[-empyre-] Narrative, and speaking traces

sarah drury sdrury at temple.edu
Thu May 28 13:54:21 EST 2009

I heard from Hana Iverson, who tried to post to the list but couldn¹t,
making me wonder if there¹s still something up with the server.  Her
questions are below, followed by my answer.

Hi Sarah,

I am curious in the idea of counterposing social orders, and if Leslie Frye
actually felt that the media traces created by The Walking Project actually
"spoke" of a social reframing of her body/self/identity?  Is there a link
somewhere on-line where this can be seen?  And if these media traces
"speak," is that what you are referring to by narrative?  It seems to me
that narrative within the context of movement, often means "story" as
opposed to say, code or coded languages, even in the spirit of bread crumb
trails.  And how, and in what way, these trails/traces become political?  In
what way are these traces paralleled to Deluezian processes/actions?

Would love to hear more.

Hi Hana,
Thanks for your thoughtful questions.  I think that, yes, Lezlie experienced
the relationship between her movement and the media traces as a changing
figure/ground relationship that spoke of a successive reframing of her
body/self against the environment. Her movement at the beginning of the
performance built a relationship with interactive iconography (media traces)
that explores force, linearity, control, consistency, symmetry. In some
sense, her performance enacts the cultural dynamics that produce the
³normal²: strength, speed, repetition, health, etc.  You can see video of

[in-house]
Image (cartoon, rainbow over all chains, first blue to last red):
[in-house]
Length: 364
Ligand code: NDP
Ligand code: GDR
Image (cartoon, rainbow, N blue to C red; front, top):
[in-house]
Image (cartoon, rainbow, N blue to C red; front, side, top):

the performance here:

Athletic and rhythmic, this movement produces a line that traces a
right-angled, repetitive urban iconography. Within the linearity of her
movement also, at times, is emphasized the snag, asymmetry, the glitch,
picked up by sensors in the uneven movements of her arms.  What I am calling
narrative is, as you say, the engagement of coded language (rather than
storytelling) in the combination of body, movement and responding
image/traces, in that there is a three-layered narrative of the body itself,
movement and its responding traces/trails.  Lezlie enacts the production of
normalcy even as her sensor-amplified body enacts live and mediated
asymmetry.  I suppose it is the non-standard aspects of Lezlie¹s physical
form that are ³unaligned or unalignable components which refuse to conform
to the requirements of order and organization², but more, it is her
presentation of an ambivalent embracing/enacting of normative embodiment and
simultaneously engaging difference outside the categories assigned to it,
engaging difference intimately and playfully.  The media traces simply
accentuate this aspect of form and performance, as a third layer.

To grab a fragment of Laura¹s May 21 post:
³However, I guess part of my interest is in how to make encounters with
difference more sustainable (or less painful) and/or to emphasise less
extreme and more apparently banal examples of how we might jump onto new
planes of perception.²
I like to think this performance functions this way.  While Lezlie¹s charged
performance is not banal, it is Œless extreme¹, and I think conditions
perception in new ways, on some level through the relay of various planes of
narrative: the body and its narrative, performative gesture and live
animation.  But I would welcome more questioning and discussion about ideas
of narrative in the context of movement.

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